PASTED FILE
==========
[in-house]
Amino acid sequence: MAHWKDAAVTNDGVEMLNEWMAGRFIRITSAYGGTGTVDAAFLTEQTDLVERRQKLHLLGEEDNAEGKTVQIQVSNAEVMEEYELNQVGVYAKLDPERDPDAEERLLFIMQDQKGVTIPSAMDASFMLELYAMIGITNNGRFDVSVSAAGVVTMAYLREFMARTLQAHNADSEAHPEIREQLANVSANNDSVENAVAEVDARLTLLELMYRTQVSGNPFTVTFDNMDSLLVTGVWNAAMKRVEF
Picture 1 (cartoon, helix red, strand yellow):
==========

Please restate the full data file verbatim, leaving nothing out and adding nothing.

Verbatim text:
[in-house]
Amino acid sequence: MAHWKDAAVTNDGVEMLNEWMAGRFIRITSAYGGTGTVDAAFLTEQTDLVERRQKLHLLGEEDNAEGKTVQIQVSNAEVMEEYELNQVGVYAKLDPERDPDAEERLLFIMQDQKGVTIPSAMDASFMLELYAMIGITNNGRFDVSVSAAGVVTMAYLREFMARTLQAHNADSEAHPEIREQLANVSANNDSVENAVAEVDARLTLLELMYRTQVSGNPFTVTFDNMDSLLVTGVWNAAMKRVEF
Picture 1 (cartoon, helix red, strand yellow):